A festive Last Supper with Rev
rev (BBC2) the butlin's story (utv)
You'll never bust a gut or crack a rib at Rev, but that's okay. Not every sitcom about a priest needs to be Father Ted -- or, mercifully, The Vicar of Dibley either.
When the characters are as sharply drawn, and the writing and performances as well judged and truthful as they are in Rev, which has been a revelation over its two series, you don't need a belly laugh every 30 seconds.
A continuous stream of chuckles and a warm glow of satisfaction at the end are more than enough.
This seasonal finale was a perfect Christmas treat that left you with both. There are just several sleeps to go before the big day for the long-suffering Reverend Adam Smallbone (the excellent Tom Hollander, the series' co-creator), who's one seriously pissed-off vicar.
In a neat nod to Groundhog Day, his mornings start at 5.30am to the sound of a depressingly cheery Christmas song on the radio.
Then it's off on his bike to serve breakfast to the homeless, play Santa to a group of hostile, foul-mouthed school kids and indulge his volatile, alcoholic friend Colin (Steve Evets), who's attached himself to Adam like a limpet since the first episode.
Along the way his bike wheels are stolen; Colin -- incensed that he can't come to Adam's house for Christmas dinner -- headbutts him; someone steals the camels from the church Nativity scene; the ambitious archdeacon, who's spending Christmas in the sun, stiffs him for a 46 quid taxi fare to the airport, and an elderly parishioner he's been promising to visit in hospital has died by the time he gets there.
And left him a present and a shiny box full of guilt.
Could it possibly get worse? Yes. Adam's condescending father-in-law Martin, "a social hand grenade" played by Geoffrey Palmer in cracking form, turns up to spend Christmas with Adam and his wife Alex (Olivia Colman) because his other daughter's kids have measles.
Oh, and then there's midnight mass, which is attended by a congregation of drunken yobs who start a singalong, but they're not singing hymns. "We're the religious equivalent of a kebab," sniffs Adam's lay helper Nigel (a great deadpan performance by Miles Jupp).
Adam, having taken a few too many glasses of wine, finally flips out on the altar, launching into an improvised, ranting version of The 12 Days of Christmas that details all the sh*t he's been putting up with lately. But it all comes good in the end.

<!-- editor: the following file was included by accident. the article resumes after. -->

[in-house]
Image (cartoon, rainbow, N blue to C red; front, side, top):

Alex announces she's pregnant, Adam turns the other cheek to Colin (and doesn't get headbutted this time), there's a heavy snowfall and everyone, including Martin and the archdeacon, end up having dinner in the church on Christmas Day.
Not every comedy could get away with a final scene in which the characters accidentally arrange themselves into the tableau of Da Vinci's The Last Supper without it seeming slushy, even without snow.
Rev did. Lovely.
As a child, I never holidayed at Butlin's only Irish camp in Mosney, Co Meath, although I did spend some time there a few years ago when it hosted the Community Games and my daughter was roped, reluctantly, into playing handball.
With its run-down chalets and grotty bunk beds, it looked like the ruins of a prison camp rather than a holiday camp.
The nostalgic documentary The Butlin's Story featured archive footage of the camps in their glory days from the 1930s to the 1950s, before people discovered cheap foreign holidays.
They still looked like prison camps, albeit pastel-coloured ones.
The emphasis here was on the positive, with former inmates -- sorry, holidaymakers -- recalling the fun they had.
There was a heavy reliance on shamelessly promoting the three remaining Butlin's camps, which have been extensively revamped.
What this bland film really needed was someone who hated the place and had a few horror stories to tell.
rev HHHHI the butlin's story HHIII